Everyone has heard of fentanyl. The synthetic opioid is 50-100 times more potent than heroin, and has become increasingly popular among opioid users and dealers.

But fentanyl isn’t just one drug: it comes in many different forms with slightly different chemical compositions, which makes it hard for law enforcers to identify and control. And that problem is at the core of the opioid crisis. But luckily, the National Institute of Standards and Technology (NIST), the German Federal Criminal Police Office (the Bundeskriminalamt, or BKA) and the U.S. Drug Enforcement Agency have gotten together to come up with a possible solution.

The groups have created a web database of illegal narcotics and all their chemical compositions so that police and first responders can quickly identify them.

"If people start overdosing and dying from a new drug analog, authorities need to identify it as quickly as possible," said Aaron Urbas, the NIST research chemist who led the project. "If you want to focus your resources effectively, you need to know what you're looking for."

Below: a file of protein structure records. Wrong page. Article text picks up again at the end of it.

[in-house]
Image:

The site is called the NPS (Novel Psychoactive Substance) Data Hub. It aims to get identification data to forensic scientists as quickly as possible. It identifies synthetic opioids as well as other sorts of synthetic drugs including synthetic cannabinoids and amphetamines.

Underground chemists are constantly developing new forms of drugs to both make drugs stronger and stay ahead of the law. It takes roughly six months for the good guys to identify the new drug normally. So hopefully the NPS Data Hub will help them catch up and get these dangerous substances off the streets.

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